What: All Issues : Human Rights & Civil Liberties : Freedom of Speech and Press : A vote on passage of a Democratic amendment to the fiscal year 2005 Defense Authorization Act (S. 2400) requiring that the Defense secretary develop a protocol that permits media coverage of the return to the United States of coffins containing the remains of members of the armed forces who died overseas. (2004 senate Roll Call 132)
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A vote on passage of a Democratic amendment to the fiscal year 2005 Defense Authorization Act (S. 2400) requiring that the Defense secretary develop a protocol that permits media coverage of the return to the United States of coffins containing the remains of members of the armed forces who died overseas.
senate Roll Call 132     Jun 21, 2004
Progressive Position:
Yea
Progressive Result:
Loss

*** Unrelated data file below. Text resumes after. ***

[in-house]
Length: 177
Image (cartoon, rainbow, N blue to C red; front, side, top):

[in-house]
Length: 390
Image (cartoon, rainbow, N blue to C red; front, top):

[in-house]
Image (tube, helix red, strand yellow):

This amendment to the fiscal year 2005 Defense Authorization Act (S. 2400) offered by Sen. Frank Lautenberg (D-N.J.) would require that no later than 60 days after enactment of the underlying bill, the Defense secretary develop a protocol that permits media coverage of the return to the United States of coffins containing the remains of members of the armed forces who died overseas. The Bush administration has blocked the media from photographing these images. However, the amendment was rejected 39-54, meaning the media will continue to be barred from photographing the coffins of military personnel killed in Iraq. Progressives supported the Lautenberg amendment, saying the American people deserve to know and see the truth about the cost of the war in Iraq. Said Lautenberg: "My amendment will bring an end to this shroud of secrecy cloaking the hard, difficult truth about the war and the sacrifices of our soldiers." He added, "Our soldiers are fighting for democracy, fighting for a free press in Iraq." But while progressives argued that the White House is censoring the press, conservatives insisted it would be disrespectful to photograph the flagged-draped caskets of soldiers killed in Iraq. However, Lautenberg said, his amendment would have ensured that that the media coverage would be done "respectfully," and specifically states that the new media coverage protocol "must preserve the dignity of the occasion and protect the privacy of the families."

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